Designing Agile Decision Making vs Agile Organisations

Recently I read an article by McKinsey titled The Journey to an Agile Organisation. The article steps you through how to transform an organisation from a “… static, siloed, structural hierarchy…” to an agile organisation “…characterized as a network of teams operating in rapid learning and decision-making cycles.”. As the article points out, the journey is a challenging one and is not to be taken without a very clear view on the end objective – the degree an agile organisation architecture will deliver value.

The Essence of Agile Decision Making

If you would like to be a more agile organisation but you are not ready for such a broad and game changing transformation, there is something you can do right now. Make your current organisation’s decision-making architecture work faster

The diagram to the right is the way forward. All significant decisions need information about the decision, and a conversation with others.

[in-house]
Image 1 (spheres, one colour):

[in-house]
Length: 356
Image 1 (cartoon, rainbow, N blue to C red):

If you want to make decision making more agile you need better:       

Discovery – You need great information and that means data discovery. Decision making is slowed down by a lack of information or when new information comes to hand late in the piece.

Collaboration – You need to use the information to facilitate collaboration during the conversation. That means, highly visual representation of the information. Not just numbers.

Execution – Once your decision is made, there are many, many decisions that usually follow to implement the decision. These decisions need tracking and that means choosing the right metrics to track and to feed back into more collaborative conversations.

My question is do you have a culture of data discovery, data display and data monitoring that accelerates decision making? If not, it is time to change the culture. Systems can help, so too can culture transformation workshops to change mind sets and to provide tools for staff to facilitate the culture shift.